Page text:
James Mitchell

Climate change is here. It’s no longer something that scientists and environmentalists predict will happen because it’s already happening. You can feel it in the way the weather is much more temperamental than it was before or see it in the news whenever people mention that the polar ice caps are melting.

Although you might not be able to do anything to stop the global environmental crisis from happening, you can do your part to slow down its eventual demise. An example of this is practicing sustainability and eco-friendly habits inside your household. If you’re not sure where to start, here are six suggestions you can consider:

Renewable Energy

Because it’s impossible to live in the modern age without electricity, you should at least think of an alternative solution that won’t create as much carbon footprint as the burning of fossil fuels. For instance, you can look into what renewable energy sources you can use for your household.

One of the most popular solutions to this is installing solar panels to harness the energy from the sun. There have been many success stories of homeowners switching to solar energy for their houses and conserving energy in the process. But of course, there are other options that you can consider for your houses, such as geothermal energy, wind power, or even biofuel.

Water-efficient Fixtures

A typical household consumes more than 300 gallons (1,135.62 liters) of water a day for showering, using the toilet, doing the laundry, and performing other activities that involve running water. While this may not look like much, it could quickly rise to a substantial amount when you factor in how many households there are in the world.

Although you may not be experiencing the drought in your city or state, that doesn’t mean it’s not happening elsewhere. So, if you think that you’re using up too much water, consider switching your outdated plumbing fixtures to water-efficient ones. This can include using dual-flush toilets, low-flow showerheads, and water-saving faucets.

Home Insulation

No house is completely sealed. There will always be gaps between the floorboards and spaces in the walls where drafts can pass through. While this isn’t a big problem in itself, it can cause you to blast the A/C during summer and crank the heating during winter. That is if you have yet to insulate your home.

You could also consider installing weatherstripping if the initial insulation isn’t enough to control your home’s internal temperature. Another solution would be to install solar shades for windows so that you can reduce your overall cooling costs when the weather’s warm. Because you’re decreasing the heat that your house gains, you won’t have to depend too much on your HVAC system.

Compost Pit

There are plenty of ways to lead a sustainable household, one of which is to start a compost pit in your backyard. Whenever you compost your organic wastes, like leftover food, vegetable and fruit peelings, or leaves, you allow them to undergo the natural process of decomposition. And in turn, you create a natural fertilizer that you can use for your garden.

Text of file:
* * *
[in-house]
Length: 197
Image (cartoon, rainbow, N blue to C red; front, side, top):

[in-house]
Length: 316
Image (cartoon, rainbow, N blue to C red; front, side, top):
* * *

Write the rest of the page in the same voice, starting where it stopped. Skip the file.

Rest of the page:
You can start composting by making a compost bin or a heap and placing all your organic matter inside it. Then, you should alternate layering green and brown materials within the containers to add nitrogen and carbon to the compost accordingly. Green materials refer to grass clippings, fruit peelings, and other kitchen scraps, while brown materials refer to leaves, papers, and wooden byproducts.

Homegrown Produce

Not everyone has the green thumb, but that doesn’t mean you can’t try. If you have yet to dabble in gardening, you might want to take this chance to start growing your own fruits or vegetables from your backyard. Gardening can be a great way to pass the time and encourage you to be more active every day.

Moreover, if you can make homegrown produce at home, you might be able to save a few trips to the grocery store or farmer’s market when you run out of supplies. And if you can grow more than your household can consume, you could sell it because it’s a practical way to earn more money on the side.

LED Light Bulbs

If you’re still using fluorescent or incandescent light bulbs in your home, you may be consuming more energy and, therefore, spending more money than what is necessary. This is because both types of light bulbs are inefficient compared to modern LED light bulbs. Plus, there’s also the issue of safety.

That’s because fluorescent light bulbs contain mercury, which can be harmful to the individual exposed to it. So, consider switching all your light fixtures at home to LED bulbs because they shine brighter, last longer, and consume much less energy compared to other alternatives. And they cost less in the long run.

Choosing to lead a sustainable and eco-friendly household will take much more effort than usual, but it can also be more rewarding. Just imagine that every time you conserve water and energy, you’re helping the planet live a little longer. And because you did your part for the environment, you won’t have to live with the guilt of being an apathetic bystander to earth’s eventual downfall.

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